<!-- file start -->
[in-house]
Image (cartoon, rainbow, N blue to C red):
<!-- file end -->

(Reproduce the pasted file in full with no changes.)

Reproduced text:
[in-house]
Image (cartoon, rainbow, N blue to C red):